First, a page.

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Harmonious Society

What’s with all the weird Chinese Communist Party slogans?

One of the more enjoyable aspects of Chinese leadership changes is the inevitable introduction of a brand new governing slogan. Ever since Deng Xiaoping assumed de facto control of the country in 1978, each successive generation of Chinese leaders has adopted a signature phrase, one that subsequently worms its way into dozens of speeches, policy papers, and other instruments of state propaganda. With Xi Jinping now firmly ensconced into China’s leadership, we fortunately haven’t had to wait long for his own unique contribution to this Chinese oevure: the “China Dream”.

What does “China Dream” mean, exactly? If you’re thinking of a vaguely Sinic version of the American Dream, think again: the China Dream isn’t about rags-to-riches and achieving middle-class bliss but instead refers to aspirations for the country as a whole.  The Global Times – China’s most hard-line paper — claims that it has nothing to do with nationalism, but Xi’s own words seem to belie this. Recently, he was quoted as saying that the China Dream is bent on “fulfilling the great renaissance of the Chinese race.”

But before we start mulling over what “The China Dream” may or may not really mean, it’s worth taking a step back and comparing it to the slogans of Xi Jinping’s three most recent predecessors. So without further ado, here is a brief (if not totally comprehensive) history of recent Chinese government slogans:

Slogan: “Socialism with Chinese characteristics”
Leader: Deng Xiaoping
Year : 1978

Deng Xiaoping, who emerged as China’s maximum leader in 1978, is credited with launching the economic reforms that transformed China from a backwater into a global power in less than three decades. In the process, the blunt, diminutive leader unleashed a series of memorable lines, including “it is glorious to get rich” and “it does not matter if a cat is black or white so long as it catches mice”.

But surely, Deng’s most important contribution to China’s official nomenclature is this wonderful phrase: “Socialism with Chinese characteristics”. When he decided to liberalize the economy, the Chinese leadership faced a vexing dilemma: how to square official Communism with a decidedly capitalistic economy. The answer, “with Chinese characteristics” answered that question: Communism is whatever the Chinese said it was. And hey — you can’t say it hasn’t worked, can you?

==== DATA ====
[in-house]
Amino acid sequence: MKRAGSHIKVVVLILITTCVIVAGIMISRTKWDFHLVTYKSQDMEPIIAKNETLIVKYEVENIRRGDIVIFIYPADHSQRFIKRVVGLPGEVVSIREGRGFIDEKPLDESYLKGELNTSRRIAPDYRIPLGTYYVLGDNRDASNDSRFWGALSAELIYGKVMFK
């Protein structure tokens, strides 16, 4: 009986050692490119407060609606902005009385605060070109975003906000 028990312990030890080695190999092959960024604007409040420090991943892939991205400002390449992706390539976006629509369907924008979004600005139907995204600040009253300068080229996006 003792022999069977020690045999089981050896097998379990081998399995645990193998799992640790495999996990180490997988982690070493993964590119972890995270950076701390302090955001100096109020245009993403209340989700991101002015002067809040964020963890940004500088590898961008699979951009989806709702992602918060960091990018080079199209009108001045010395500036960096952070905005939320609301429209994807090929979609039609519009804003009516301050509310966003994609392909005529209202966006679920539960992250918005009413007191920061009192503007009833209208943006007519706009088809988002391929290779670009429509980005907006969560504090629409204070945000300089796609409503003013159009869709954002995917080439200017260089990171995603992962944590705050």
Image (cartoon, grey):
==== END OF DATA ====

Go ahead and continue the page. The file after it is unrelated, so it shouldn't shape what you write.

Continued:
Slogan: “The Three Represents”
Leader: Jiang Zemin
Year: 2000

Deng’s successor, Jiang Zemin, waited until near the end of his dozen-plus years in office to offer his very own slogan which, actually, isn’t really a slogan so much as a governing philosophy. “The Three Represents” (it doesn’t make much more sense in Chinese, if you were wondering) means that the Communist Party should represent three things: the development trend of China’s governing forces, the progressive course of China’s advanced culture, and the fundamental interests of the majority.

What this means was this: after decades as a “revolutionary” force organized around the concept of class struggle and other Marxist bromides, the Chinese Communist Party was evolving into something somewhat more ordinary: the government of the People’s Republic of China. Around the same time, in a nod to the changing composition of China’s population, Jiang made waves by allowing business people (read: capitalists) to become Communist Party members for the first time. So in effect, “The Three Represents” signaled to the Chinese people that their government was about to become normal which, in China up to that point, wasn’t normal at all.

Slogan: “Harmonious Society”
Leader: Hu Jintao
Year: 2005

Given his colorless, dry nature, it’s hard to believe that Hu Jintao was capable of coining a slogan at all. But in 2005, around when he (finally) consolidated full power of China’s government, Hu unleashed this beauty, designed as a way to put a lid on the simmering discontent in China.

Has it worked? It’s too early to tell. During Hu’s decade-long tenure in office, Beijing dealt with disharmony on a number of fronts, from ethnic tension in Tibet and Xinjiang to localized protests against corrupt leaders and environmental disasters. As economic growth continued (more or less) unabated, Hu’s basic governing philosophy boiled down to this: “Don’t rock the boat.”

One legacy of Hu’s “harmonious society” is its role in one of China’s most enduring Internet memes. As it turns out, the Chinese word for “harmonious society” sounds exactly like the word for “river crabs”, and so the image of the little crustaceans became a widely recognized proxy for the vast cynicism of China’s Internet population. Politically incorrect words, when censored, are often said to have been “harmonized” and thus “eaten by the river crabs”.

So what’s the point of these slogans? Though often the subject of mirth among journalists and citizens alike, Chinese government sayings provide a useful barometer into how the Communist Party has evolved over the last three decades. In 1978, three years after the death of Mao Zedong threw Chinese politics into turmoil, Deng Xiaoping inherited a party whose governing philosophy — Maoism — had effectively bankrupted the entire country. In the years since, the Chinese Communist Party enjoys widespread legitimacy throughout the country despite largely abandoning the very ideology that fostered its creation. With Xi Jinping’s “China Dream”, the country seems poised to occupy (what it views as) its rightful place in world affairs. And that, slogans or not, is pretty remarkable indeed.

Matt Schiavenza is an associate editor at The Atlantic, where he oversees The China Channel. 

This originally appeared on The Atlantic. Also on our sister site:

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